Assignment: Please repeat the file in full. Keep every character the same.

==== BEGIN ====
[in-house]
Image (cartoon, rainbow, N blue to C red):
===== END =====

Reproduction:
[in-house]
Image (cartoon, rainbow, N blue to C red):